When do babies sleep through the night?

when does baby sleep through the night

by Lorna White |
Updated on

For new parents, the question of when do babies sleep through the night is one of the most common concerns, especially if you're struggling to adapt to the lack of sleep.

Especially during those first few months after a baby is born, it's important to remember that it can take time to establish a routine and sleeping patterns, even if you're trying a method of sleep training.

One 2019 study reports that new parents face up to six years of disrupted sleep. So, it’s no wonder you're thinking “when do babies start to sleep through the night?” Even though it seems like you’ll never ever sleep again, you don’t have to retire your sleeping mask just yet.

We’ve got the answer to this question for you, and we think you’ll quite like it!

When do babies start sleeping through the night?

Up until they are around two months old, your newborn baby will wake you up (or perhaps you’ll need to wake the little sleepy-head up) in order to be fed every two to three hours. A newborn can sleep for a maximum of three hours at a stretch without food, so they’ll need to be fed two or three times during the night. Sleep cycles during the night can gradually increase from two months onwards as they can start going longer without food.

By the time baby is three months old, or perhaps even slightly earlier, they can sleep for four to five hours at a stretch. When the baby reaches four or five months, there won’t be any need for a middle-of-the-night feed, and they could well sleep for seven or eight hours at a time non-stop — the dream, right?

According to the National Sleep Foundation, by six months, baby is physically able to sleep a full eight hours non-stop without eating.

When you’ve finished your little happy dance, read on. Just because your baby can technically sleep through the night, unfortunately, that doesn’t necessarily mean that they will. There are many reasons that a child older than six months may wake up in the night.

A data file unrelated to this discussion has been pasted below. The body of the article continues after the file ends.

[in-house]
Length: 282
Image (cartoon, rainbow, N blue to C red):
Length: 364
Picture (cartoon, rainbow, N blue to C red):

For instance, they might not be hungry during the night, but are you hungry when you snack on popcorn while watching a film? No, it’s for comfort and enjoyment.

Similarly, a baby loves feeding time with you; it’s one of their favourite things in the world! When they wake up in the middle of the night, they tend to have one thing, and one thing alone, on their little mind; comfort grub!

It’s safe to say that you shouldn’t really expect to be able to sleep much during the night with a baby under six months (although there are a lucky few!), but after six months, there are some steps you can take so you can eventually get some much-needed shut-eye, and for your baby to start enjoying sleeping through the night too.

How much sleep do babies need?

In order to have a better idea of when your child could start sleeping through the night, it’s important to get to know a baby's sleep cycle and how much sleep your baby needs during the day and at night-time. According to Stanford Children’s Health, babies should be sleeping, on average this many hours at night:

Newborn: 8-9 hours per night

1 month: 8-9 hours per night

3 months: 9-10 hours per night

6 months: 10 hours per night

9-18 months: 11 hours per night

18 months: 11 hours per night

24 months: 11-12 hours per night

And this is how many hours baby should be getting through the day:

Newborn: 7-8 hours per day

1 month: 7 hours per day

3 months: 4-5 hours per day

6 months: 4 hours per day

9-18 months: 3 hours per day

18 months: 2.5 hours per day

24 months: 1-2 hours per day

These hours indicate a total and don’t necessarily mean uninterrupted sleep. Of course, every baby has different sleep schedules, and some could start sleeping for longer stretches or less, sooner or later than what is the average, and this is not disconcerting, as long as it’s not too far off from the above ranges. If your child is sleeping a lot more or less than the average, consult your GP.

What can prevent babies from sleeping through the night

As well as waking due to hunger and feeding time, there are a few different things which can cause your baby to wake up in the night.

Temperature – if the room is too hot or too cold, it may wake baby up. This can particularly effect babies in the hot summer months when our rooms are difficult to cool down. Before putting baby to bed, make sure you've dressed your baby for bed appropriately, taking into account the weather and temperature forecast for the night.

Separation anxiety – It's a natural response for babies to feel fearful of being away from their parents, so if they do cry after being put down for bed it's often best to comfort them with a touch of their head or some soothing word until they settle so they know you're nearby.